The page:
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Geographic Distribution

Antarctic Convergence illustration Antarctic convergence

Bathymetric Specimen Dispersal

5 individual specimens found for Poecillastra compressa.

Poecillastra compressa (Bowerbank)  Species


Original Description
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Original Description
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Sponge. Elevated on a short compressed pedicel, mass much compressed, surface even, smooth. Oscula simple, dispersed, small. Pores inconspicuous. Dermal membrane abundantly spiculous; tension spicula acerate or inflato-acerate, entirely incipiently spined, rather slender, numerous; retentive spicula attenuato­stellate, large; and elongo-attenuato stellate, small, and very numerous. Connecting spicula attenuato­patento-ternate, radii long and rather slender, shaft rather short. Skeleton. Spicule acerate, rarely acu­ate, large, and long. Interstitial membranes abun­dantly spiculous; spicula the same as those of the dermal membrane.

Colour.—Light gray.

Habitat—Shetland, Mr. C. W. Peach.

Examined.—In the dried state.

I am indebted to my friend Mr. Peach for this interesting specimen; the first British species I have seen of the genus. It was dredged by Mr. J. Gwyn Jeffrey, in 1864, and preserved for me by the donor, who accompanied the expedition. The sponge is in excellent preservation.

It is three and half inches in height; two and three quarters in breadth, within about an inch of the distal extremity, and its greatest thickness is about four lines; the height of the pedestal is three fourths of an inch, and its breadth nearly the same; and there are two lateral lobes of the sponge, which each extend downwards to about half the length of the pedestal, their inner margins being nearly in contact with its thin edges.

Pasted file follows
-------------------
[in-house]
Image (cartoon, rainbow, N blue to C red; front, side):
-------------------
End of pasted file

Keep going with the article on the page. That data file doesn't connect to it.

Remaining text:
The most distinctive characters in this species are those of the spicula of the dermal and interstitial membranes, and the tension spicula especially so; the incipient spina­tion is common to them all, but the central inflation of the shaft is not equally prevalent; the greater number of them, perhaps, may be said to be deficient in that character, while in the other portion it is well developed, and always near the middle of the shaft. In many parts of the mem­branes, they are exceedingly numerous, and are always irregularly dispersed. The difference between the larger and the smaller stellate spicula in size is very considerable; the former are usually simply stellate or slightly elongated, while the latter appear always to be decidedly elongo-stellate. A satisfactory definition of these spicula requires a linear power of five or six hundred.

The connecting spicula are not very numerous, and are samewhat variable in size, their radii are often quite half the length of the shaft. I could not detect any recurvo­ternate spicula among them.”

(Bowerbank, 1866)


Type Status Catalog No. Date Collected Location Coordinates Depth (m) Vessel
  23763 12/21/1962 Scotia Sea 54° S , 55.9° W 1879 – 1886 Eltanin R/V
  23764 12/21/1962 Scotia Sea 54° S , 55.9° W 1879 – 1886 Eltanin R/V
  23765 12/21/1962 Scotia Sea 54° S , 55.9° W 1879 – 1886 Eltanin R/V
  23766 12/21/1962 Scotia Sea 54° S , 55.9° W 1879 – 1886 Eltanin R/V
  23767 12/21/1962 Scotia Sea 54° S , 55.9° W 1879 – 1886 Eltanin R/V

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